It is a real shame that so few of the characters are three dimensional human beings. Leung Kar Yan does mad rampage like nobody’s business but he just doesn’t display the kind of sadness, confusion and mental pain that the script demands of Mad Wei. When he busts out his machete, however, mirabile dictu, he’s fantastic. Norman Chu straddles the fence as a somewhat likeable, injured and devastated tough guy, Richard Cheung handles his supporting role with some real emotion, and Sek Kin simply cannot not be riveting. Unfortunately, primary baddie Wong Chun is stiff, one dimensional and about as menacing as a cord of firewood. It is his mole, Rotten Chi, played by Shum Wai, who is responsible for almost all the emotional content. The frightened, egotistical Chi is a marvelously disgusting three-dimensional character, the dramatic link between all major events, and an indispensable man-you-love-to-hate. Without Chi‘s emotional content, Hong Kong Godfather might be unwatchable.

 
 

Except for the action. Wang Lung Wei may have bitten off more than he could chew with character and story but he is a master of intense action choreography. His fight scenes are mean, desperate, angry and violent; just as they should be for an ugly revenge story. Wang stacks frantic, unceasing attacks and flailing bodies into tight spaces, creating highly chaotic, almost claustrophobic scenes. He escalates the intensity of the action and violence along with the story tension, starting with a brief gang bang and cranking it up with several brutal murders and a couple of bloody good, chaotic brawls. Wang’s outrageous, blood-soaked finale is considered by many Hong Kong modern action film enthusiasts to be top-notch material.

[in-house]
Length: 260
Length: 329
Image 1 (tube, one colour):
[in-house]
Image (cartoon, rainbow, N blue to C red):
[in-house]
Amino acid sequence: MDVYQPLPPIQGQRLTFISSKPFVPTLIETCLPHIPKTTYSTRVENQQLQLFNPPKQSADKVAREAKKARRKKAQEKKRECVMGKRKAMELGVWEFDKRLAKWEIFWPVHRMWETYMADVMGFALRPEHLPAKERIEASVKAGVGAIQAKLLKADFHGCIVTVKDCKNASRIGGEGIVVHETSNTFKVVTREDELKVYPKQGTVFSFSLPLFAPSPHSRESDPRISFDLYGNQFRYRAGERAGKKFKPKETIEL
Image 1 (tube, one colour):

Hong Kong Godfather is a flawed but ultimately satisfying film. In true Hong Kong fashion, Wang Lung Wei damns the production torpedoes and charges headlong into the fray, making a significant contribution to the genre that must be seen to be believed.

Warning: this film is soaked in graphic violence and features full frontal female nudity.

 

 
dvd specifications

Distributor: Funimation.com/Hong Kong Connection

Region: 1

Languages: Cantonese Stereo
Subtitles: English

Format: 1.78:1
Run Time: 95 minutes

1 DVD with a handful of mixed-bag trailers

Release Date: April 2010

Price: $19.98

 

 

conclusion

The Funimation DVD is the Celestial Pictures transfer. The restoration ensures a nice picture quality. The sound nicely balances music, dialogue and effects, and the English subtitles are easily readable and error-free. This DVD does not offer an English dub option; it is presented in original Cantonese only. There is no other way to watch this film if you cannot or do not want to read subtitles. The preliminary Funimation promotional reel cannot be skipped but can be fast-forwarded on select players. The chapter selection pictures are numerous and small, making selection somewhat difficult but the main menu is simple and easily navigable.

This DVD is an excellent buy for North American fans.

 
 
Page :  1   Top
Previous :
Index

 Advertise with Google AdSense   Submit a review   Contact   FAQ   Terms of use   Disclaimer   Error Report  
copyright ©1998-2013 hkcinemagic.com